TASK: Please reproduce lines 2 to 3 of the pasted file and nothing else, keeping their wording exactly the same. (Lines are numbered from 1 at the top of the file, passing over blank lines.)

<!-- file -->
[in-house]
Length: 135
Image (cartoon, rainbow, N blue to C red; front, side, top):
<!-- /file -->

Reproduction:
Length: 135
Image (cartoon, rainbow, N blue to C red; front, side, top):